Here's How Coffee Breaks Were Invented

More than 150 million Americans drink coffee in some form, with nearly half the population enjoying this perky beverage that helps those who indulge stay alert and active throughout the day. Many people reach the point where they can hardly function in the morning until they sip that first cup of joe.

Over time, coffee has practically become synonymous with office culture and productivity. The term "coffee break" has even entered our lexicon to indicate a 10-15 minute pause from job-related activities in which employees refuel, recharge, and converse with fellow colleagues. As a major coffee retailer, Dunkin' Donuts adopted the catchphrase "America runs on Dunkin'," which, let's be honest, seems to appeal more to the coffee side of their business than the donuts.

But where did the idea of a coffee break originate, and who is credited with starting this now common workplace ritual? Numerous sources date the coffee break to a 1955 court case, the United States vs. Phil Greinetz of Los Wigwam Weavers. The defendant referred to in the case, Phil Greinetz, owned a Denver tie factory called Los Wigwam Weavers.

The case revolved around a mandatory policy Greinetz had implemented that required his employees to take two 15-minute coffee breaks. This was not some gesture of goodwill, but rather a calculated tactic. Greinetz quickly realized that the coffee infusion kept his workers energized and productive. He also neglected to pay his staff for these mandatory "rest periods."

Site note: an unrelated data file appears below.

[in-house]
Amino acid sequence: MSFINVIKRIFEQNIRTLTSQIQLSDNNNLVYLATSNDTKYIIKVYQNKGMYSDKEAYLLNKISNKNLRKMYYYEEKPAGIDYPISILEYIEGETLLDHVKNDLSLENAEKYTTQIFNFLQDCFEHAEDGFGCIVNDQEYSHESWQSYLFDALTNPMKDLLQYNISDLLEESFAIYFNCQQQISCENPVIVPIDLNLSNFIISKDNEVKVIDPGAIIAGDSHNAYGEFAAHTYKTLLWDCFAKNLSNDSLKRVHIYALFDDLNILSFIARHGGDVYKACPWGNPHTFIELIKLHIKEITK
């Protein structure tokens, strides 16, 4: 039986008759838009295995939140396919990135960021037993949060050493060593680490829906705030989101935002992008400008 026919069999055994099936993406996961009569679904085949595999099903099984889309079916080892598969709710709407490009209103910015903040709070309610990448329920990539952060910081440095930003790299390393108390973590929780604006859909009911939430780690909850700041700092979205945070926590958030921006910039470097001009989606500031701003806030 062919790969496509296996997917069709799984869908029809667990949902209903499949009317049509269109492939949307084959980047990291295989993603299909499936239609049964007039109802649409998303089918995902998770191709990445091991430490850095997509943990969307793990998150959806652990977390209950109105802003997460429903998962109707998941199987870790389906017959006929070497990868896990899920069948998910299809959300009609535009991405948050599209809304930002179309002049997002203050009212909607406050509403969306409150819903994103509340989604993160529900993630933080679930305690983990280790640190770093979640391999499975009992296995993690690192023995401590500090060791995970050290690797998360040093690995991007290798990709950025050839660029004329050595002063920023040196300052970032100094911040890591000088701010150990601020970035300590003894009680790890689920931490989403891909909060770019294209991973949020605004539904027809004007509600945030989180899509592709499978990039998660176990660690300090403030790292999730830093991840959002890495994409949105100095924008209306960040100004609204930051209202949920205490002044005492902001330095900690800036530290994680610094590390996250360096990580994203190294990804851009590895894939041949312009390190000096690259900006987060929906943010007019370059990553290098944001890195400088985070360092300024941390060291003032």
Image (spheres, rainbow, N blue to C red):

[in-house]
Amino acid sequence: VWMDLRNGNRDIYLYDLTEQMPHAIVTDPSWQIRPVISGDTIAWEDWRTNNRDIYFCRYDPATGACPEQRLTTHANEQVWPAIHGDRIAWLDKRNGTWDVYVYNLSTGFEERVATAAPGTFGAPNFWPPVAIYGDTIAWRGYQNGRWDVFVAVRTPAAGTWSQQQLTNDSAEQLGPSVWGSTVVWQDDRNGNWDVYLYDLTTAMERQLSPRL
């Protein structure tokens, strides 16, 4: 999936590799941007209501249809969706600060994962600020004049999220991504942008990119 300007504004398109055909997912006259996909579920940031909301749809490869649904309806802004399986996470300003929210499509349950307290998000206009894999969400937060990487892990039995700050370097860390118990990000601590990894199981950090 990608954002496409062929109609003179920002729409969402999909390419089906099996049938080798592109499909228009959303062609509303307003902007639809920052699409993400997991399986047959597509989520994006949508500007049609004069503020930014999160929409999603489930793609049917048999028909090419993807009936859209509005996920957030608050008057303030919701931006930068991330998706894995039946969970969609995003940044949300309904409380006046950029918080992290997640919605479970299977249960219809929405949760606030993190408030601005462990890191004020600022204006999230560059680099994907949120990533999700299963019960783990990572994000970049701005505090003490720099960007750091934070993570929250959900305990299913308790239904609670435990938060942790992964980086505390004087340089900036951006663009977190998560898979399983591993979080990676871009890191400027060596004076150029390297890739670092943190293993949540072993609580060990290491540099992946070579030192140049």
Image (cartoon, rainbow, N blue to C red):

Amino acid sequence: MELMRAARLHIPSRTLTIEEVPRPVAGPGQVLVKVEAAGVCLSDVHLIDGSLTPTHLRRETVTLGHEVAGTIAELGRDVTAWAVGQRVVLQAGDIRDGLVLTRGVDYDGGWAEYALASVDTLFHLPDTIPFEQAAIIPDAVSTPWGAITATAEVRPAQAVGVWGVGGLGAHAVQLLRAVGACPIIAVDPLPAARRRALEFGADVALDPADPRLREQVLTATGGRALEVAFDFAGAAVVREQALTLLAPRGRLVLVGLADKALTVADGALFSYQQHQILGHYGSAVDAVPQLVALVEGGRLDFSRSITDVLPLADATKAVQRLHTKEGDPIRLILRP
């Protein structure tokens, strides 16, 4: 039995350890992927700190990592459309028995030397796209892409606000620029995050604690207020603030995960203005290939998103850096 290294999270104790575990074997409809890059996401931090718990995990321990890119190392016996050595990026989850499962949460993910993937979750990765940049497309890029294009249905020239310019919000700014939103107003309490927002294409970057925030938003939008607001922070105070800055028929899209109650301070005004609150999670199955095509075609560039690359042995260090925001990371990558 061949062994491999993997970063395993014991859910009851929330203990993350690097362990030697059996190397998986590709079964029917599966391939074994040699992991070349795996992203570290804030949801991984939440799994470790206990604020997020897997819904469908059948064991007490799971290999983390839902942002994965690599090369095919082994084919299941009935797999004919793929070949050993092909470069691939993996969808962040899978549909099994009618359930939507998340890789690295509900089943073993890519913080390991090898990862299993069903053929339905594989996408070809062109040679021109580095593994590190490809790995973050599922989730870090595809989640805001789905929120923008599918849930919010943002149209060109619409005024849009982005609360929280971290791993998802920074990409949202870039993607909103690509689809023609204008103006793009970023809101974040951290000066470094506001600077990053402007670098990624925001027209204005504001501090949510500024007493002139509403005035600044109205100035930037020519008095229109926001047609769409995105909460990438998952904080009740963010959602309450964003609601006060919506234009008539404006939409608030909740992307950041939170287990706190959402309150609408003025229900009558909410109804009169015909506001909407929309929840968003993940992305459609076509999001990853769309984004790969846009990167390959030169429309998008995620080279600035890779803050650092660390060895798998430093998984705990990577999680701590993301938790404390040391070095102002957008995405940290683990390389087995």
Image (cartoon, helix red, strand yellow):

The coffee break has competing origin stories

When the case was brought to court, the U.S. Department of Labor became involved on behalf of Los Wigwam Weavers' employees. The United States District Court of the District of Colorado stated that Greinetz's business benefited from these coffee breaks through increased productivity and output, and ruled in favor of the employees, ordering that employers must compensate workers for their breaks. And thus, the coffee break was born.

But like most origin stories, there are differing accounts surrounding when coffee breaks were invented. One tale links coffee breaks to Norwegian immigrants and a 19th-century wagon factory in Stoughton, Wisconsin. The wives of the wagon-building men were asked by tobacco warehouse owners to help with the local tobacco harvest. They agreed, but only on the condition that they would be allowed breaks in the morning and afternoon to return home and address domestic chores — where they could also enjoy a cup of hot coffee warmed on the stove.

Another foundational narrative ties the coffee break to a company called Barcolo Manufacturing in Buffalo, New York. In 1902, Barcolo apparently began providing its employees with two coffee breaks per shift, in the hopes that a jolt of caffeine would boost productivity. According to The Atlantic, the term "coffee break" can be attributed to a 1952 advertising campaign by the Pan-American Coffee Bureau, and its slogan "Give yourself a coffee-break ... and get what coffee gives to you." We'll brew a cup to that!